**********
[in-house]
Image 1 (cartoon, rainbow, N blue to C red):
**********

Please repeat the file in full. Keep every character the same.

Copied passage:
[in-house]
Image 1 (cartoon, rainbow, N blue to C red):